Leave it to the editorial team at the Bangor Daily News to constantly promote the liberal agenda by misrepresenting facts and pushing false narratives to their readers. They did so a handful of times on the tip credit issue that consumed Augusta much of this legislative session. Now they’ve transitioned to education, where the logical grounding of their argument is just as unstable.
I feel I am beginning to sound like a broken record, but without these tactics, I fear they would not sell papers.
The BDN published an editorial on June 6 criticizing Maine House and Senate Republicans for their budget plans that repeal the surtax imposed by Question 2 and still reach the required public education funding threshold mandated by Maine voters via referendum in 2004.
Included in the editorial is – well, you guessed it – a complete misrepresentation of the statute that defines Maine’s education funding formula and a flurry of conclusions based on logical fallacies.
I think the politically correct term for this is “alternative facts.”
“The Senate Republican plan falls woefully short of what voters have twice demanded,” the BDN writes.
This just isn’t true.
The Senate Republicans’ plan offers $110 million in new revenues to public education and includes the cost of teacher retiree benefits toward the state’s share of funding, as outlined by state law, to reach the 55 percent requirement.
The BDN refers to this inclusion as an “accounting gimmick” and says the payments “were always meant to be made entirely by the state and separately from of the state’s school funding formula.”
It appears the BDN is unfamiliar with the statute that clearly defines this aspect of the state funding formula, which has been law since 2011.
The statute reads, “Beginning in fiscal year 2011-12, the annual targets for the state share percentage of the total cost of funding public education from kindergarten to grade 12 including the cost of the components of essential programs and services plus the state contributions to teacher retirement, retired teachers’ health insurance and retired teachers’ life insurance are as follows.”
Including these benefits toward the state’s share of education funding is not a far-reaching proposal unheard of by modern civilization as the BDN asserts. It is state law, and it has been ignored for almost as long as we’ve failed to meet the funding requirement.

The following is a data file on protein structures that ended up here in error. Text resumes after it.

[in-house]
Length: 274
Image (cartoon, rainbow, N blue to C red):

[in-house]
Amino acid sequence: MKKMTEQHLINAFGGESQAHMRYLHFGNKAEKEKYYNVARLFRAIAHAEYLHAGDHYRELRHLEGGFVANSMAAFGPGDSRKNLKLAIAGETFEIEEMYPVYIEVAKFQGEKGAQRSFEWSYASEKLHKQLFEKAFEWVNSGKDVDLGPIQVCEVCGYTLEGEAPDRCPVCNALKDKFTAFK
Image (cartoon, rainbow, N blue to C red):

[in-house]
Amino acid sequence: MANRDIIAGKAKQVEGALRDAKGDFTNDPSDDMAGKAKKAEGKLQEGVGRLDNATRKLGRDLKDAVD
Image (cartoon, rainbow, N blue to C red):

If these additional payments, which are labor costs associated with the operation of Maine’s public schools, were included in the state’s share, Maine would be much closer to the 55 percent funding mark. Coupled with the $110 million in additional revenues, we would meet the requirement under the Senate Republicans’ plan.
Without the inclusion of retiree benefits and the additional revenues, Democrats can drone on forever about inadequate education funding and spin Question 2’s underwhelming support in November to match any narrative they see fit.
Unfortunately, so can the BDN.
Democrats have promised that the new surtax would generate up to $320 million in new revenues for the state, but this is quite literally a fairy tale. Instead, revenue forecasts are down and future projections are nowhere near their estimations. Simply put, there is no evidence that currently supports this claim or their assertion that the Republican plan would cut funding by $200 million.
Liberals would rather drive talent out of Maine with this surtax than address the state’s out of control, unsustainable education spending. They want to funnel non-existent surtax revenues into a system where only 59 cents of every dollar makes it into the classroom.
Increased spending does not correlate to better results for students or taxpayers. Throwing money at a broken system has not worked in Maine and it never will.
Student enrollment declined 11 percent from 2005 to 2017, yet somehow state spending increased by 28 percent while student performance remained stagnant at best.
Understanding the real facts, the only gimmick I see here is the credibility of the Maine Democrats and the BDN.